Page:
The tightening up of rules and introduction of new regulations in Cambodian law is helping business to boom across the Kingdom, claim industry insiders.
Government chiefs have been working hard during the last few months to implement a string of measures introduced to tighten up the laws surrounding setting up a business in Cambodia. The ultimate aim is to attract more companies into the Kingdom and boost the ever-growing economy.
The purge started in 2010 with the launch of the Anti-Corruption Unit and introduction of the Anti-Corruption Law. Since then it has picked up pace, as the Government “works aggressively” towards reform, says Ly Tayseng, Partner and Managing Director of HBS Law. The main focus has been on shaking off Cambodia’s image as a country full of corruption by tightening up laws and making official processes, transactions and payments more transparent.
As part of the new regulations, official fees and clear guidelines over what payments need to be made must be published annually and made publicly available by ministries.
Education has also formed a key part of the reform, with officers and officials undertaking intensive training. Ly says the Ministry of Education is also in talks with the Anti-Corruption Unit about introducing anti-corruption education into the curriculum of junior school students.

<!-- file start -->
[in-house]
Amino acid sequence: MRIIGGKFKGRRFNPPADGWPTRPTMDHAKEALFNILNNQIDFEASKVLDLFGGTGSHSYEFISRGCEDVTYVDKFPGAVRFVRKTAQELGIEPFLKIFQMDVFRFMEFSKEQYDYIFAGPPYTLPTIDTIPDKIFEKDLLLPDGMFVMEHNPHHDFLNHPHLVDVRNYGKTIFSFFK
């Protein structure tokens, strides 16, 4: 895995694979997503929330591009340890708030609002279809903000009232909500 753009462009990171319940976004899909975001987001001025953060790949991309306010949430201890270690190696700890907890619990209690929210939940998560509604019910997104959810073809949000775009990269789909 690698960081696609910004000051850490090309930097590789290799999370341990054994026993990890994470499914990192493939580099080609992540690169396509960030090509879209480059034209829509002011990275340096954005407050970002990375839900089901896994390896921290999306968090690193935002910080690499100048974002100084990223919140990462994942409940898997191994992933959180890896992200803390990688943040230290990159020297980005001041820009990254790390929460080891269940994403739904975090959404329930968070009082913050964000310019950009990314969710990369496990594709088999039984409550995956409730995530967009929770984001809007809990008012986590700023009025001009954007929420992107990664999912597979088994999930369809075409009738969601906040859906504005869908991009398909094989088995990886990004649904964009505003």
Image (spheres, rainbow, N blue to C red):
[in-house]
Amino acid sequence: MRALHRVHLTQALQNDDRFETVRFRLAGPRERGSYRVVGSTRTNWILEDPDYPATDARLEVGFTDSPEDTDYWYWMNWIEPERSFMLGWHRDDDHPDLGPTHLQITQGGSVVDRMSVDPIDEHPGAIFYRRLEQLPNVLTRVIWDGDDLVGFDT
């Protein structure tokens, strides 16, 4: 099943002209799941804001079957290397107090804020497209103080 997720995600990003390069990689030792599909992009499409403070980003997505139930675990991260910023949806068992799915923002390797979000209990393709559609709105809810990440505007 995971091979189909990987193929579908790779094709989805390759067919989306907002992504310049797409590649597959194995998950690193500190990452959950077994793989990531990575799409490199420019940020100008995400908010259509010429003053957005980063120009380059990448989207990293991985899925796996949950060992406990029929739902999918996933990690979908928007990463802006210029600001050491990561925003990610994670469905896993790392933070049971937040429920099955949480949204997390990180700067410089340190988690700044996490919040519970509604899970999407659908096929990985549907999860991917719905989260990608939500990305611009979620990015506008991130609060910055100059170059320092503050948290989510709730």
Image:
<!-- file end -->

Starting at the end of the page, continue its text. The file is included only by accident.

Peter Mewes, HBS Law Senior Legal Advisor, adds, “This is good as it encourages investment from abroad where foreign firms are also bound by their own bribery laws and can face imprisonment.”
Initial measures introduced to make procedures more transparent often led to delays in registering companies because of the increased amount of paperwork. However, an overhaul is cutting down on time, with the Ministry of Commerce scrapping the need for a certificate of origin for manufacturers exporting overseas (unless it is a requirement of the other country) being one example.
A praka issued in September stated new companies needed to carry out a name search with the Trademark Department, adding time to the process. Recently, the Ministry of Commerce merged its Commercial Registration Department and Trademark Department, meaning company registration and name searches can be done at the same time under one request.
This year, online Trademark registration was launched. This can only be done by contact agents who are accredited with the Ministry of Commerce, which most legal and accounting firms, such as HBS Law, have.
“All of these factors make it much easier for companies wanting to invest in the company because they are very important to facilitate business,” Ly adds. “The Government is trying to improve transparencies and make things easier and quicker. The aim is to make Cambodia as competitive as possible with other neighbouring countries.”